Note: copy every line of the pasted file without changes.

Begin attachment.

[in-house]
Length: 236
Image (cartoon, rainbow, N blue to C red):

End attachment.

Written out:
[in-house]
Length: 236
Image (cartoon, rainbow, N blue to C red):